The oligarch runs the Renova Group, a sprawling entity with interests in a wide array of infrastructure and mining projects.
The US Treasury sanctioned Vekselberg in 2018 and again in 2022, for supporting Russia’s invasion of Ukraine.
After the full-scale invasion of Ukraine began, Spanish authorities and the FBI impounded his $90 million yacht, Tango, on the Spanish island of Mallorca.
But despite Western sanctions, Vekselberg still holds a significant stake in UMK, according to business records held in Cyprus.
CNN asked the Renova Group about Vekselberg’s involvement and possible influence in South African politics.
“The assumption of any Renova influence is unfounded. There is absolutely no influence on the ANC and no conflict of interest whatsoever,” a Renova spokesperson responded in a statement, adding that it is an indirect minority shareholder of UMK.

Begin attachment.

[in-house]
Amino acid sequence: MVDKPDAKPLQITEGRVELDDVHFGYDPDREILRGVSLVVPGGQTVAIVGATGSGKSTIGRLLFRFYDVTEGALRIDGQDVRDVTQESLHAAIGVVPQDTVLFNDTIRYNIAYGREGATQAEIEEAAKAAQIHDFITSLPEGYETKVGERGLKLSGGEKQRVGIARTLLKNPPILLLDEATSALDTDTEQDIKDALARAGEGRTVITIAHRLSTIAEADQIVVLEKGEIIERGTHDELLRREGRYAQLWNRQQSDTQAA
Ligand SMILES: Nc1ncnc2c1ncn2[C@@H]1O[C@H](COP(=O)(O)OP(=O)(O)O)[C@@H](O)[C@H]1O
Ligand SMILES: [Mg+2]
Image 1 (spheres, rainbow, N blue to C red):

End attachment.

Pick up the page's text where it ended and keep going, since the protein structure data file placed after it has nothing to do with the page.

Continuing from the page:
Non-US companies can often avoid sanctions by reducing the stake of a sanctioned individual in a business to less than 50% and by moving their assets into a trust structure.
Vekselberg and UMK appear to have done both, likely reducing the potential for repercussions from the US government.
“Long-standing investors are fully entitled to their commercial interests in a private company,” said UMK, in its statement to CNN. “Mr. Vekselberg is not a direct shareholder in UMK and does not exercise any management or shareholder control over UMK.”
The claims may not be enough to assuage the concerns of skeptical South Africans, or their dogged media, over the possible consequences of the country’s policy towards Russia.
“It risks investment, it risks trade, it risks jobs, it risks economic growth, it risks the currency, it risks isolation from the West. I think there are there is a lot at stake here,” said Gruzd.